The days of self-regulation in the online industry are over, the Dail has heard.
Tanaiste Simon Coveney said the State needs to get involved in protecting vulnerable children and young people from cyber bullying and pornographic material.
Mr Coveney admitted that it was a very difficult issue to get right, but he said he hoped to have legislation introduced by the end of the year.
It comes after the Taoiseach Leo Varadkar told the Dail on Wednesday that the Government would consider a law being implemented in the UK that aims to restrict access to porn to over 18s only.
“The Government’s view is that the days of self-regulation online are over,” Mr Coveney told the Dail on Thursday.
“States’ now need to get involved in putting in appropriate levels of regulation to ensure that we can protect vulnerable people and in particular children.”
“Media coverage of things that have happened in the last few days are a reminder of that”.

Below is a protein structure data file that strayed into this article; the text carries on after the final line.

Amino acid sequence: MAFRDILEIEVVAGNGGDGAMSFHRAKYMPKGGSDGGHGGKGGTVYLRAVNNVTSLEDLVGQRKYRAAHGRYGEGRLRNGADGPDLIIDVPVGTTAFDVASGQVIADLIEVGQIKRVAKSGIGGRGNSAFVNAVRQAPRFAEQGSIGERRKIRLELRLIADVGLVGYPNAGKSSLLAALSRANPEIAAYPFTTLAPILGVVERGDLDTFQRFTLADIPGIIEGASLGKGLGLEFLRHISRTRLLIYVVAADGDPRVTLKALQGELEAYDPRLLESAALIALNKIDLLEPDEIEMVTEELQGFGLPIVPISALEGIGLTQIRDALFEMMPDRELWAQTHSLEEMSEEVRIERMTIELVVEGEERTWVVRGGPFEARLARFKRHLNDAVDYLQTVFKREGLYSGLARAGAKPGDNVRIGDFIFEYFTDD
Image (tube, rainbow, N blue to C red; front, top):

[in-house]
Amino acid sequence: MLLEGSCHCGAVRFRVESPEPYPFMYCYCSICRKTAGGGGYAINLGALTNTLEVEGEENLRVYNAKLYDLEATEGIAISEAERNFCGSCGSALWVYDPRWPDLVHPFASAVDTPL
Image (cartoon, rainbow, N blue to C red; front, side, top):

“But it is an issue and has been an issue for a number of years now.”
He added that parents in the Dail chamber were all too aware of the dangers of even allowing their children to use a mobile phone.
The Tanaiste made the comments in response to Sinn Fein’s Pearse Doherty who raised the issue of online safety during Leaders’ Questions.
“We all know that children and teenagers, despite the best efforts of their parents, are able to access inappropriate material on the internet, on social media and that this can have a real negative consequences for children, for their families and for society at large,” Mr Doherty told the Dail.
The Donegal TD said the Digital Safety Commissioner Bill, introduced by his party in February 2018, has been stuck in committee stage, despite receiving unanimous support in the Dail.
He said it gave “meaningful” supports to the state in their efforts to combat cyber bullying, the prevalence of harmful communication and material and micro-targeting and online abuse.
He added that the bill is supported by the ISPCC and other groups.
He said all members of parliament had ideas about what might be done, and he called on all parties to work together to get the bill over the line.
Mr Coveney said that Fine Gael wanted to work with all parties to make changes, but that it would take time and he did not think “comprehensive” legislation on online safety could be put in place before the summer recess.
The Tanaiste concluded that he hoped to have such legislation enacted before the end of the year.